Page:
While targets for revenue and admissions reflect a system that has traditionally rewarded volume, he said, CEO incentive goals "are moving toward a greater balance toward quality and safety, patient satisfaction, employee satisfaction and finances."
At Valley Medical Center, outside Seattle, CEO Roodman's pay has been tied to profit and increases in procedures such as robotic surgery in addition to quality and patient satisfaction targets.
Financial strength is necessary for Valley Medical Center to deliver the best care, Roodman said via email.
"For us, growth is necessary as long as the demand remains, and we are growing as responsibly as possible," he said.
Roodman and other Valley officials portray the hospital's recent alliance with UW Medicine, at the University of Washington in Seattle, as a way to improve care and efficiency. But his 2013 pay package still includes incentives for expansion and profit.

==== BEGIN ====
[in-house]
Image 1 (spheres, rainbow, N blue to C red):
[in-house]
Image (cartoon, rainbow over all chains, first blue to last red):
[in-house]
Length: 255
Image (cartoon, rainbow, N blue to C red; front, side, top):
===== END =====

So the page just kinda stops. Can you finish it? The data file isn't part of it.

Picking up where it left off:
The UW Medicine deal may contribute to both.
The alliance is "nothing about affordable health care. It's just about negotiating power with the insurance companies," said Dr. Paul Joos, an ophthalmologist and member of Valley's board who has clashed with Roodman and other trustees. "All these hospitals, they talk about quality and how to make things more affordable. But in the board meetings I'm at, they're always talking about how to charge you more."
KHN reporter Sarah Barr contributed to this story.
Kaiser Health News is an editorially independent program of the Henry J. Kaiser Family Foundation, a nonprofit, nonpartisan health policy research and communication organization not affiliated with Kaiser Permanente.